Roughly four million American families lost their homes to foreclosure between the beginning of 2007 and early 2012. Some 11 million are struggling with “underwater” mortgages, meaning that they owe more than their home is worth. That’s just under a quarter of all U.S. homes with a mortgage. For most, a perfect storm of financial industry misconduct, inadequate consumer protections, falling home prices, and record unemployment are at the core of the problem.

The Lochte and Douglas families are fortunate. Their kids are now stars who will soon be paid millions in endorsement proceeds—Gabby’s already on the cover of a cornflake box.

But for most Americans, the solutions require broader action. An alliance of consumer protection, fair lending, and housing experts have developed a Compact for Home Opportunity, with over two dozen practical, tested solutions for preventing needless foreclosures, restoring neighborhoods, and rebuilding the American dream. The Compact is powered by Home for Good, a national campaign driven by people concerned about the enduring foreclosure and housing crisis.

The Compact’s solutions range from increased access to housing counseling, to reducing loan principal to fair market value, to increased fair housing and lending protections. Some states, notably California, have adopted important elements of the Compact. But a more robust, national approach is needed. Home for Good is pushing housing issues back into the presidential contest, and onto the national agenda, demanding that candidates and policymakers take a stand on the causes and solutions to the crisis. With foreclosures and bankruptcy intruding even into the Olympic games, their call is increasingly hard to ignore.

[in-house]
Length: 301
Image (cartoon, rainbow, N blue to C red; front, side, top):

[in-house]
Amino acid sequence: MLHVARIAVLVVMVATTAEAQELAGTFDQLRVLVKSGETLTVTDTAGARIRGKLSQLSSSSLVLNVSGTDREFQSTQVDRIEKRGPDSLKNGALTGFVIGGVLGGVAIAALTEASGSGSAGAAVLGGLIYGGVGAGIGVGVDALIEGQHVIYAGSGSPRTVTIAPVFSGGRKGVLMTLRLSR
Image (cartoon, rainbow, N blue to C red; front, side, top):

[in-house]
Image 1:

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It’s Time for Home Opportunity

Dramatic developments this month have underscored our nation’s progress, as well as our continuing peril, when it comes to Home Opportunity—the deeply held idea that everyone should have access to an affordable home under fair conditions. These developments, both positive and negative, should inform the national choices ahead, including in the presidential race.

On July 11th, California lawmakers enacted the groundbreaking California Homeowner Bill of Rights, halting unfair bank practices that have forced thousands of Californians into foreclosure. Among other protections, it restricts “dual-track” foreclosures, in which lenders preemptively foreclose on homeowners who are in active negotiations to save their homes. Importantly, the law also empowers consumers to hold lenders accountable in court.